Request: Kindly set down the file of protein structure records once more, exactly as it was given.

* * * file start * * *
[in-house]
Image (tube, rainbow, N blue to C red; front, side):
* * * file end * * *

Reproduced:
[in-house]
Image (tube, rainbow, N blue to C red; front, side):